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A shortage of workers is driving up wages: are we entering a new economic era?


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4 minutes ago, PeanutButter said:

I shared an office with recruiters once. They're worse than estate agents. Absolute hounds of hell.

Yes, I've had the misfortune of having to deal with a couple.

I dont know why companies are willing to pay them so much for so little.

I've worked somewhere that had their own dedicated recruitment team, was more cost effective.

The UK seems to be full of people/professions living of the back of an ever decreasing productive population.

 

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1 minute ago, TheCountOfNowhere said:

Yes, I've had the misfortune of having to deal with a couple.

I dont know why companies are willing to pay them so much for so little.

I've worked somewhere that had their own dedicated recruitment team, was more cost effective.

The UK seems to be full of people/professions living of the back of an ever decreasing productive population.

I see them as part of the cycle of contracting out and then bringing in house ad infinitum. The reason for the 5k bounty is because they're recently stopped using recruiters and now have a huge backlog of jobs to fill - the in house recruitment team needed to be recruited as well lol. 

Do most working people in the UK perform useful functions? Perhaps so, but many do not. Me included!

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1 hour ago, TheCountOfNowhere said:

The UK seems to be full of people/professions living of the back of an ever decreasing productive population.

Being productive doesn't require very many people any more.

I'd be a bit less against the relentless push towards automation if it didn't result in more busywork, and looking forward, the consequences of that all collapsing, but instead meant everyone still had fulfillingly productive work but, say, three days a week without the impact of the sort of three day week we had in the 70s.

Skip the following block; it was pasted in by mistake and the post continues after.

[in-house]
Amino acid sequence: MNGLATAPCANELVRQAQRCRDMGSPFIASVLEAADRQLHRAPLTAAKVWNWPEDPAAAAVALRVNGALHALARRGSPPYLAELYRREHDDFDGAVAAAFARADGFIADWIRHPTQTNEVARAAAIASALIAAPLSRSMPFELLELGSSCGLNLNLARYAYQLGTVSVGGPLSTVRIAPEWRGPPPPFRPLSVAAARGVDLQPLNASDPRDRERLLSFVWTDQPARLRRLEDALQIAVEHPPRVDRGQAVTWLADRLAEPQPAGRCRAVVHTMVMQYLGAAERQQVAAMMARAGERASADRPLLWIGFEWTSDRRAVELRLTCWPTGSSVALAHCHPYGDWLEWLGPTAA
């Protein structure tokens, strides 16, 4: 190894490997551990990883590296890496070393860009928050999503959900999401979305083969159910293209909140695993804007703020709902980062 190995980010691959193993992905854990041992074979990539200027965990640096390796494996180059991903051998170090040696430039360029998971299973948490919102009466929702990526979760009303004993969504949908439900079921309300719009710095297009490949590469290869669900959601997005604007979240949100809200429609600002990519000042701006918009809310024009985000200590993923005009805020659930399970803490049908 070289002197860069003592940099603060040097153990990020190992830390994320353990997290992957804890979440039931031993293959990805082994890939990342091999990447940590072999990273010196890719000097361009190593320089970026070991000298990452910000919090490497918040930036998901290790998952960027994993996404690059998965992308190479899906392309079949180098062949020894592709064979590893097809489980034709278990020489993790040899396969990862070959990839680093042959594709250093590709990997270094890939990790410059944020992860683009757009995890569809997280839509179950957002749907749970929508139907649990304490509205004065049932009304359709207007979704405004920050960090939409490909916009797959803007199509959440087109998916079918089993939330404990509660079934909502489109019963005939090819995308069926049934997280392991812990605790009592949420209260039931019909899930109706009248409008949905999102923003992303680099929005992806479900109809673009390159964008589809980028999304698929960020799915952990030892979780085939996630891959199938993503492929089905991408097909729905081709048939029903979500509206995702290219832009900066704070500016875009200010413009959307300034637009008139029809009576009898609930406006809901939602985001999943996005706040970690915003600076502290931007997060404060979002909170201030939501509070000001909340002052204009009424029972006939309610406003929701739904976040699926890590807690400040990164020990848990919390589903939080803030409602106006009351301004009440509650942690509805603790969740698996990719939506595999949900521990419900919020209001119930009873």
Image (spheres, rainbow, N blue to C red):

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1 hour ago, TheCountOfNowhere said:

Yes, I've had the misfortune of having to deal with a couple.

I dont know why companies are willing to pay them so much for so little.

I've worked somewhere that had their own dedicated recruitment team, was more cost effective.

The UK seems to be full of people/professions living of the back of an ever decreasing productive population.

 

Worked in Oil and Gas and the major multinational that I was in decided to bring in recruiters to mostly replace the inhouse team.

These recruiters had limited knowledge of drilling and the oil industry in general, bar what it would appear to be what they could read from Yahoo (this was a few years ago!).

So they do a review of the workforce and decided that employees with over 15 years experience were not helping the companies profitability as their loyalty apparently stifled innovation and also prevented bringing in young eager talent that could inspire the company with new ideas (plus other marketing bs which suitably impressed the Harvard MBA trained management). 

So incentives were given to those veteran employees and most of them left, enjoying the fact that they were being offered a good redundancy package at a time when there was a shortage of engineers so no problem at all in going to another company.

Roll on a couple of months and the company then re-discovers that O&G is a conservative industry and a lot of the equipment used is antique and proprietary (i.e. over 20 years old) as its proven and safe.  But that means you need employees that know how to operate and repair them.  Guess what, nobody left to do this as they mostly left so the recruiters then have to rehire back the engineers they got rid of as consultants working for 4 times the previous salary.  Combined with the fact the company lost many contracts as they could not guarantee personnel and equipment availability, it cost many millions of $ lost revenue.

The sad thing is that nothing changed, the oil boom at the time hid these massive mistakes as they could still reap a handsome profit using the engineers as consultants.  O&G is a incredibly inefficient industry.  As you can guess, this was in the USA but I suspect the same idiocy happens over here as well.

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3 minutes ago, Riedquat said:

Being productive doesn't require very many people any more.

I'd be a bit less against the relentless push towards automation if it didn't result in more busywork, and looking forward, the consequences of that all collapsing, but instead meant everyone still had fulfillingly productive work but, say, three days a week without the impact of the sort of three day week we had in the 70s.

 

You can't keep everyone in debt servitude if they have more than half their week free. 

 

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20 minutes ago, msi said:

 

You can't keep everyone in debt servitude if they have more than half their week free.

You can if you make sure they can't use that time to do other work for someone else. They might even be happier to accept it.

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